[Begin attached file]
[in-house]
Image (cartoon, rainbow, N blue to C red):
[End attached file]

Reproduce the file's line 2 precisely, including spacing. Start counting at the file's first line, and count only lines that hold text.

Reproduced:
Image (cartoon, rainbow, N blue to C red):